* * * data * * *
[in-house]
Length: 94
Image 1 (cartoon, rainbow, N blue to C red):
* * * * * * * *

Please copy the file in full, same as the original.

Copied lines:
[in-house]
Length: 94
Image 1 (cartoon, rainbow, N blue to C red):